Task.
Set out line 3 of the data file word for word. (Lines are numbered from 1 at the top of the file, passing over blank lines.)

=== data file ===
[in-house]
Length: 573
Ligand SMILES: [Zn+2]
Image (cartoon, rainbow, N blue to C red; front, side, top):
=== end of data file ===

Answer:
Ligand SMILES: [Zn+2]